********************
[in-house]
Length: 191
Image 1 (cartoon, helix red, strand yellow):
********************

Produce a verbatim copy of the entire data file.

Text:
[in-house]
Length: 191
Image 1 (cartoon, helix red, strand yellow):